A Year in Reading: Peter Straub

December 8, 2008 | 6 books mentioned

Peter Straub, the author of seventeen novels, including two with Stephen King, and two collections of short fiction, has won a Grand Master, a Life Achievement, and a Living Legend Award. He most recently edited Poe’s Children, an anthology of new horror writing.

This year, I read five books that were really compelling. They are:

White Heat, by Brenda Wineapple. A smart, close-up look at the relationship between Emily Dickinson and Thomas Wentworth Higginson. Completely fascinating. He both got her and was completely baffled by her. The man remained totally loyal to the end.

coverWarlock, by Oakley Hall. Believe it or not, a western. A great western. Thomas Pynchon wrote a long blurb. It’s newly published by nyrb in their lovely line of reprints. Oakley Hall was Michael Chabon’s writing instructor, I believe. I was crazy about this book and recommended it to all my friends.

Hallelujah Junction, by John Adams. A wonderful memoir by a fine, fine composer who worked his way out of academic serialism to a vibrant, enhanced minimalism, a minimalism that is not minimal, by being open-minded, hard-working, and really talented. Full of good things.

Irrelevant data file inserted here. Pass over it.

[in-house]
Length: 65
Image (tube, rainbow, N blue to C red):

The World Is What It Is: The Authorized Biography of V. S. Naipaul, by Patrick French. Naipaul always was a dodgy man who wrote wonderful, scathing, rather nasty books. Filled with one unpleasant surprise after another, but you finish it eager to look back at some of Naipaul’s work. I have to say, though, that this book offers an all-round portrayal of how writers should not behave.

When Will There Be Good News, by Kate Atkinson. An elegant, funny thriller that does not at all conduct itself like a thriller. Beautifully assembled, always true to its feelings.

More from A Year in Reading 2008

, who won a Grand Master award in 1998, is the author of many novels. They have been translated into nearly every existing language. His new book, A Dark Matter, is available now from Doubleday.

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